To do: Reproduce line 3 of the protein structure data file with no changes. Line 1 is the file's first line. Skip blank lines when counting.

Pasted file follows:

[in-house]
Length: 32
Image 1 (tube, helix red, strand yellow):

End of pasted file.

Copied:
Image 1 (tube, helix red, strand yellow):